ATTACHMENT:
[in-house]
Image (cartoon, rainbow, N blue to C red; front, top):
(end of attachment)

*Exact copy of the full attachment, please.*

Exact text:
[in-house]
Image (cartoon, rainbow, N blue to C red; front, top):